Hepatitis B surface antigen–negative (HBsAg) recipients who undergo liver transplantation (LT) with a hepatitis B core antibody–positive (HBcAb+) graft (a type of extended criteria donor organ) are at risk of developing de novo hepatitis, and they generally require lifelong antiviral prophylaxis.1 Various prophylaxis regimens consisting of antivirals, hepatitis B immune globulin (HBIG), and vaccination have been reported with variable degrees of effectiveness.2-5 The optimal regimen is still uncertain and must balance viral suppression, risks of adverse effects, and costs.

Lamivudine (LAM) has been demonstrated to prevent de novo hepatitis B virus (HBV) infections and is widely used,4 but it has a theoretical potential for producing resistance.6, 7 The actual risk of developing resistance is uncertain; most studies have been small and retrospective with limited follow-up. Adefovir dipivoxil (ADV) is used in patients with LAM-resistant chronic HBV and as a rescue treatment for patients with de novo HBV after LAM prophylaxis failure.8 Therefore, ADV might serve as effective primary prophylaxis against de novo HBV with a lower risk of resistance. Prophylaxis with ADV has not been described in a clinical trial.4, 9

We started a prospective, open-label trial of ADV monoprophylaxis in 2006 and reserved newer nucleos(t)ide analogues for cases of de novo HBV. No HBIG was used. We hypothesized that ADV would be effective in preventing de novo HBV in LT recipients of HbcAb+ grafts.

Abbreviations:

ACR, acute cellular rejection; ADV, adefovir dipivoxil; CNI, calcineurin inhibitor; HBcAb, hepatitis B core antibody; HBIG, hepatitis B immune globulin; HBsAb, hepatitis B surface antibody; HBsAg, hepatitis B surface antigen; HBV, hepatitis B virus; HCC, hepatocellular carcinoma; HCV, hepatitis C virus; INR, international normalized ratio; LAM, lamivudine; LT, liver transplantation; MELD, Model for End-Stage Liver Disease; N/A, not available.

PATIENTS AND METHODS

We enrolled 16 adults without HBV who underwent deceased donor LT with HBcAb+ grafts between September 2007 and October 2009 at our institution (Columbia University Medical Center) in a single-arm, prospective trial. Patients were excluded if they were HBsAg+ before orthotopic LT, received an HBsAg+ graft, had a pre-LT creatinine level > 1.6 mg/dL, were pregnant or lactating, or were <21 years of age. The study was approved by the Columbia University Medical Center institutional review board and was registered at ClinicalTrials.gov (NCT01146808). Before LT, all patients signed a consent form to receive an HBcAb+ graft and provided written informed consent to participate in this protocol.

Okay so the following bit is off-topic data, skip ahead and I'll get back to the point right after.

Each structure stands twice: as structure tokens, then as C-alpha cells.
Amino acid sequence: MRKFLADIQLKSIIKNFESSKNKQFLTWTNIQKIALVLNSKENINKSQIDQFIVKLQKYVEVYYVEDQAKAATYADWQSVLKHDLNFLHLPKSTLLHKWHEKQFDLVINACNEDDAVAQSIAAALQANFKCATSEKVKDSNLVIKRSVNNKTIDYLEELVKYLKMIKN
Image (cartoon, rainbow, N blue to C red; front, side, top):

ADV [10-mg tablets by mouth daily (adjusted for renal function)] was started on postoperative day 1. No HBIG was administered. The immunosuppression was comprised of mycophenolate mofetil (from which patients were weaned over the course of a year), a corticosteroid taper (which was diagnosis-dependent), and a calcineurin inhibitor [CNI; either tacrolimus or cyclosporine for patients infected with hepatitis C virus (HCV)]. Patients with renal insufficiency were treated with a CNI-sparing protocol using basiliximab to delay the initiation of CNI treatment, as described elsewhere.10 Laboratory monitoring, including HBV serology and HBV DNA tests, were performed every 3 months. The primary measured endpoint was the development of de novo HBV, which was defined as HBsAg positivity or detectable serum HBV DNA, in the first 2 years after LT. Secondary endpoints included renal function at LT and 1 year after LT; these results were compared with those for a separate control cohort of HCV+ LT recipients who did not receive ADV. HCV+ recipients were chosen as a representative control group because they are not typically exposed to ADV and receive the majority of HBcAb+ grafts at our center. A 1-way repeated measures analysis of variance was used to compare creatinine values before and after LT. A 2-tailed α value of 0.05 was considered significant. Data analysis was performed with SPSS 12 (SPSS, Inc., Chicago, IL). Additionally, as part of a second phase of the trial that is still underway, patients without de novo HBV 12 to 18 months after LT were given the option of following an accelerated HBV vaccination schedule (double-dose recombinant HBsAg monthly for 3 months) in an attempt to produce a protective hepatitis B surface antibody (HBsAb) titer and ultimately be weaned off ADV.

RESULTS